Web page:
BAKER V. COMBS
FAMILY LAW: Child custody and de facto custodian
PUBLISHED: VACATING AND REMANDING
PANEL: KELLER PRESIDING; THOMPSON, WINE CONCUR
DATE RENDERED: 2/29/2008
Mother appealed from TC’s order denying her motion for custody of her natural child and awarding continued permanent custody to Paternal Grandmother and Step-Grandfather (“Paternal Grandparents”). Mother and Father were never married, and Father never participated in the action or otherwise sought custody of Child. Mother is now married and has another child.
Child was first removed from Mother and placed in the temporary custody of CFC in January 2004 by Whitley District Court (“Whitley DC”) on the basis of Mother’s drug use and the fact that she left Child with Paternal Grandparents for the preceding two months; CFC placed Child with Paternal Grandparents. After adjudication hearing but before disposition hearing, Whitley DC transferred the case to the Laurel District Court (“Laurel DC”). Laurel DC, after permanency hearing, subsequently ordered that the permanency plan was placement with a permanent custodian pursuant to CFC’s recommendation and named Paternal Grandparents as the permanent custodians. Laurel DC entered a permanent custody order the same day, presumably naming Paternal Grandparents as Child’s permanent custodians, although the order portion of the preprinted AOC-DNA-9 form was not completed.
In the Findings of Fact portion of the form, Laurel DC indicated that it considered factors relating to a prior independent finding that a de facto custodian existed. However, CA found that the record did not contain any document reflecting a prior independent finding that a de facto custodian situation existed in this case.
Eight months later, Maternal Grandparents and Mother filed a Verified Petition for Custody in the Knox Family Court (“Knox FC”), as this was the home county of Paternal Grandparents and Child, requesting custody to Maternal Grandparents or to Mother. Knox FC permitted Mother supervised visitation with Child and ordered that she submit to random drug tests, each of which revealed a negative result. A year and a half later, Mother moved Knox FC for custody of Child, stating that she had complied with the court’s order that she rehabilitate herself, that she was married, and that she was leading a stable life. After hearing in which Mother’s witnesses testified that she had overcome her past problems with drug abuse, that she was currently a different person, and that she was capable of raising Child, and testimony regarding Mother’s past drug use and her past actions in leaving Child with Paternal Grandparents for extended periods of time, Knox FC denied Mother’s motion on the record, noting that Child had been in Paternal Grandparents’ home for more than 3 years and that the benefits of changing custody would not outweigh the harm in doing so. Knox FC entered an order to this effect, finding that it would not be in Child’s best interest to remove him from the Paternal Grandparents’ home and awarding Mother standard, unsupervised visitation.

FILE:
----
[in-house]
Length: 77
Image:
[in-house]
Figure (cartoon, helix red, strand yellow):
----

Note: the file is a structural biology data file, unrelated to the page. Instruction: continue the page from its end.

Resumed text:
Mother argued to CA that Knox FC erred in awarding custody to Paternal Grandparents, because they were not de facto custodians and she was not unfit. Paternal Grandparents asserted that Laurel DC decided the issue of de facto custodians, so that any further adjudication on this issue would be barred by res judicata, and that they are de facto custodians.
CA noted that a de facto custodian is defined in KRS 403.270(1)(a) as: :[A] person who has been shown by clear and convincing evidence to have been the primary caregiver for, and financial supporter of, a child who has resided with the person for a period of six (6) months or more if the child is under three (3) years of age and for a period of one (1) year or more if the child is three (3) years of age or older or has been placed by the Department for Community Based Services.” CA stated that once it determines that such a person is a de facto custodian, TC shall give the person the same standing in custody matters that is given to each parent under this section, and determine custody in accordance with the best interests of the child.
CA found that there was no prior finding that Paternal Grandparents were de facto custodians, nor were there any findings that Paternal Grandparents were the primary caregivers and financial supporters of Child for the required statutory period, despite the fact that the form AOC-DNA-9 had some boxes checked in this regard. Therefore, before Knox FC may determine custody as between Mother and Paternal Grandparents using a best interests standard, CA held it must first independently decide that Paternal Grandparents are de facto custodians. As such a finding had never been made, CA vacated Knox FC’s order and remanded for a determination of whether Paternal Grandparents meet the requirements to be de facto custodians.